Editors Note:Frank's editorial is worthy, and he has a critical observation, and also remember that Pakistan has NUKES. "The epicenter in the global war against Islamofascist aggression is now situated in Pakistan and specifically in the tribal areas of Pakistan on the Pakistan-Afghan border. - Frank Salvato Frank's Editorial: The assassination of former Pakistani Prime Minister Benazir Bhutto presents a cadre of possibilities for the future of Pakistan, the South Asian and Middle Eastern regions and the world.
But, with iniquitous forces holding considerable influence – both inside Pakistan’s government and out – the prospects for any positive outcome to this tragedy are minuscule. With the assassination of Benazir Bhutto, Pakistan has become the epicenter in the global war against Islamofascist aggression.
That Pakistan is a volatile and politically complex country is an understatement. Ever since its creation in an Indian move to independence from Britain in 1947, Pakistan has struggled with its political identity while trying to lend credence to the claim of being the home of South Asian Muslims.
The osmotic migration of Muslims to Pakistan and Hindus to India served to create the Kashmiri conflict. With the USSR’s Cold War intervention in Afghanistan, Pakistan saw an influx of thousands of mujahedeen who used Pakistan as a launch point for their jihad against the Soviets. With the defeat of the Soviets in Afghanistan many of the jihadi staging and training locations in Pakistan became more permanent and those who were drawn to jihad by the fascist rhetoric of radical Islam turned their attention toward Bosnia, Chechnya, Indonesia and the infidels of the West.
Today there are both pro-democracy and pro-Islamist factions existing throughout every aspect of Pakistani society, including its government and military structures. Because Pakistan, in its creation, was to serve as a homeland for India’s Muslim population the cohesive force behind Pakistani society is Islam.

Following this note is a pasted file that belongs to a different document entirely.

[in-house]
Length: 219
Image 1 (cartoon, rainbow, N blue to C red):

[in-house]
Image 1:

But while Pakistan’s military leaders, in their quest for power and control, adopted Islamic ideology in its attempt to seek legitimacy in their rule, the seeds of democracy were sown into the political ideology of Pakistanis early on. This ideological and political dichotomy exists today.
While the existence of pro-Islamists in Pakistan’s government and military are more readily recognizable this is not the case with Pakistan’s ISI, the Inter-Services Intelligence community. Throughout the Soviet incursion into Afghanistan and ensuing Afghan civil war the ISI trained and equipped many Pakistani-based radical Islamist groups, groups that were not only sympathetic to the Taliban but literally held the same radical Islamist belief system.
It is because of this fundamental relationship between now indigenous radical Islamist groups and Pakistan’s governmental & military institutions and intelligence community that Pakistan is vulnerable to radical and abrupt political change. It is also one of the primary arguments for President Pervez Musharraf’s inclination to impose a stabilizing martial law over the whole of the nation, a move Benazir Bhutto’s assassination will no doubt facilitate once again.
One positive result from this barbaric event would be that her supporters in the Pakistan People’s Party would press forward in a more concerted and immediate effort to bring the democratic process to fruition in the wake of her murder, thus advancing the very principles for which she was killed.